It’s official: Highland Games are coming to Langley
May 25, 2010 · Updated 3:38 PM
Break out the bagpipes. The Highland Games are coming to Langley.
Officials with the South Whidbey School District and organizers of the annual celebration of Celtic culture have inked a deal to bring the big event to the Langley Middle School property.
“It’s a done deal,” said Ann Christensen, president of the Whidbey Island Celtic Society.
“We’re delighted and looking forward to working with Mayor Samuelson and the city of Langley to make this a success for all of us,” she said.
Fred McCarthy, superintendent of South Whidbey schools, said the school district has signed off on a facility use agreement for the middle school property.
The Highland Games will be held on Aug. 14, and organizers of the games have gotten permission to begin setting up for the event on Aug. 12.
The games will have a familiar feel to the 2,000 or so expected to attend, Christensen said.
“It will be, of course, a different physical arrangement, but we’ll have all of the same events. They can look forward to the athletics, the dancing and the piping. Everything we normally have.”
Christensen said she would meet this week with officials from the Island County Fair, so a part of the adjacent property can be used for a beer garden.
A scheduling problem thwarted the return of the Highland Games to Greenbank Farm, where it has been held the past
11 years. A wedding was inadvertently scheduled to take place in the games’ usual slot on the second Saturday of August, and organizers of the games have spent the past several weeks searching for a new venue.
South Whidbey Community Park was briefly considered, but parks commissioners turned down the chance to host the games due to their “no alcohol” policy and the insistence of games’ organizers for a beer tent.
The use of the Langley Middle School property will carry some new restrictions, however.
The agreement approved by the school district includes an addendum that restricts the use of swords, weapons and other “combat paraphernalia.”
Christensen said that clans and pipers at the games will not be allowed to wear swords, dirks or sgian dubh (pronounced “skin doo”), the Scottish knife that is worn on the calf of the leg.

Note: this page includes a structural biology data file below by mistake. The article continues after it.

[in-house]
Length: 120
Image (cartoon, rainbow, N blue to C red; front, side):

Organizers will ask participants to come without the items or “check them at the gate,” she said.
The addendum was needed because state law restricts weapons on school grounds, said Dan Poolman, business manager for the school district.
“We just don’t want them carrying what could be conceived as a weapon on school grounds,” Poolman said. “What we don’t want is people walking around carrying knives and swords on their bodies all day long.”
Christensen said the added rules won’t prevent demonstrations by historical re-enactors for the games, including the “Shire of Earnrokke,” who will demonstrate pre-17th century European arts and skills.
And vendors will still be allowed to sell swords and other replicas as long as the weapons are not left unattended and buyers pick them up on their way out.
The rent for the property will net the school district $800.
Christensen said the location for next year’s Highland Games has not been determined.
While organizers of the Highland Games may consider a return to Greenbank Farm, they are waiting to see how things play out this year in Langley.
“I think we have to see how everything goes this year,” she said. “We’ll be back next year, we’re not really sure where.”
Any locals who are interested in vendor (retail or food) opportunities at the games, or want to participate in the athletic events or volunteer, can e-mail organizers of the event at email@example.com.